Thursday, March 15, 2018

CAFC reverses ED Pa in DOMINION ENERGY case; expert witness skewered

The appellant Alstom prevailed.

This is an appeal from a final judgment following a
jury trial in a patent infringement case. Alstom Grid LLC
(“Alstom Grid”) appeals the district court’s (1) denial of
judgment as a matter of law (“JMOL”) of noninfringement,
(2) denial of its motion to vacate or remit the jury’s
reasonable royalty damages award, (3) denial of JMOL of
no willful infringement and grant of enhanced damages,
and (4) grant of a permanent injunction. For the reasons
explained below, we reverse the district court’s denial of
JMOL of noninfringement based on an absence of substantial
evidence to support the jury verdict
. For that
reason, we vacate the damages award, judgment of willful
infringement, enhanced damages award, and permanent
injunction. We remand for further proceedings consistent
with this opinion.

At issue

The question before us is whether substantial evidence
supports the jury’s finding that the accused system
includes every limitation of the asserted claims. We
conclude that it does not. As discussed above, the asserted
claims require “generat[ing] an energy delivery parameter
based on a comparison of the measurement data
received from the subset to a controller target voltage
band.” See ’883 patent claims 1, 15. The claims require a
comparison of two specific things. Evidence of a comparison
of something other than those two things does not
support a finding of literal infringement.
We conclude that no reasonable juror could find that
the accused product compares the measured data to a
controller target voltage band. The evidence presented to
the jury shows that the accused system compares the
measured data to a single calculated voltage, as opposed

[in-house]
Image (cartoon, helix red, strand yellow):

to a voltage band as required by the claims.

The expert witness did not fare well:

Dominion relies heavily on the testimony of
Dr. Brown, its technical expert. Dr. Brown’s testimony,
however, does not provide substantial evidence to support
the jury’s verdict because his testimony was conclusory,
unsupported, contrary to the evidence in the case, or not
directed to the claim limitation at issue. We address the
problems with his testimony below.


Beyond his conclusory testimony, Dr. Brown made
several critical admissions. First, Dr. Brown agreed that
the accused system compares the calculated voltage—not
the measured voltage—to a target band:
[Alstom Grid] compare[s] the calculated voltage to
the measured voltage to determine the error. And
then they use that error to adjust the limits. And
then they compare the calculated voltage to the
adjusted limits in their software.
J.A. 10562–63. Dr. Brown also admitted that the limitadjustment
algorithm code, which is the key algorithm in
the accused system, does not compare the measured
voltage and a target voltage band. Dr. Brown further
admitted that the accused function “operates on calculated
voltages” and “never uses measured voltage to generate
an energy delivery plan.” J.A. 10489–90, 10493. These
admissions further support our conclusion that a reasonable
jury would not have a legally sufficient evidentiary
basis to find for Dominion on the issue of direct infringement.


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